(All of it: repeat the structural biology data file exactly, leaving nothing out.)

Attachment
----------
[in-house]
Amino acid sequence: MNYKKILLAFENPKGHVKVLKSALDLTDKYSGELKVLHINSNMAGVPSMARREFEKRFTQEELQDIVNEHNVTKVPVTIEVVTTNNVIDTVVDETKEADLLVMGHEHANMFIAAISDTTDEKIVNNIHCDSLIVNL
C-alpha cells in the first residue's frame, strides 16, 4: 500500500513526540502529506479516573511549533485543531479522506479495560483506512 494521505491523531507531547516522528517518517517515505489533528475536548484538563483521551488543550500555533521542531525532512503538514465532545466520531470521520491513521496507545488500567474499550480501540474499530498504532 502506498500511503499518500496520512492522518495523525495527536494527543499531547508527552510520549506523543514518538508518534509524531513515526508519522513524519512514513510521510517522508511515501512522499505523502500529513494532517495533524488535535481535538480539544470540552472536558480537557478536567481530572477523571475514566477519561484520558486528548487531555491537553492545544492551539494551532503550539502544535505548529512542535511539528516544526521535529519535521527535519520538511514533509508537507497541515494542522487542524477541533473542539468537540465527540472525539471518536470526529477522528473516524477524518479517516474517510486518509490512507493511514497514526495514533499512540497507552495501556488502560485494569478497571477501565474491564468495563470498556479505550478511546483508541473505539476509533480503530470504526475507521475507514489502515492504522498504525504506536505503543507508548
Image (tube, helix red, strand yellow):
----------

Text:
[in-house]
Amino acid sequence: MNYKKILLAFENPKGHVKVLKSALDLTDKYSGELKVLHINSNMAGVPSMARREFEKRFTQEELQDIVNEHNVTKVPVTIEVVTTNNVIDTVVDETKEADLLVMGHEHANMFIAAISDTTDEKIVNNIHCDSLIVNL
C-alpha cells in the first residue's frame, strides 16, 4: 500500500513526540502529506479516573511549533485543531479522506479495560483506512 494521505491523531507531547516522528517518517517515505489533528475536548484538563483521551488543550500555533521542531525532512503538514465532545466520531470521520491513521496507545488500567474499550480501540474499530498504532 502506498500511503499518500496520512492522518495523525495527536494527543499531547508527552510520549506523543514518538508518534509524531513515526508519522513524519512514513510521510517522508511515501512522499505523502500529513494532517495533524488535535481535538480539544470540552472536558480537557478536567481530572477523571475514566477519561484520558486528548487531555491537553492545544492551539494551532503550539502544535505548529512542535511539528516544526521535529519535521527535519520538511514533509508537507497541515494542522487542524477541533473542539468537540465527540472525539471518536470526529477522528473516524477524518479517516474517510486518509490512507493511514497514526495514533499512540497507552495501556488502560485494569478497571477501565474491564468495563470498556479505550478511546483508541473505539476509533480503530470504526475507521475507514489502515492504522498504525504506536505503543507508548
Image (tube, helix red, strand yellow):